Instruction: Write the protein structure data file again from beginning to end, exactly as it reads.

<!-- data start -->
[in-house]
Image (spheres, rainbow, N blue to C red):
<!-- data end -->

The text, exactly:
[in-house]
Image (spheres, rainbow, N blue to C red):